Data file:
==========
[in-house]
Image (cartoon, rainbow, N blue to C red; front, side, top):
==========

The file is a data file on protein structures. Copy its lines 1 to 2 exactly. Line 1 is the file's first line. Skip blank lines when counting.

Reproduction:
[in-house]
Image (cartoon, rainbow, N blue to C red; front, side, top):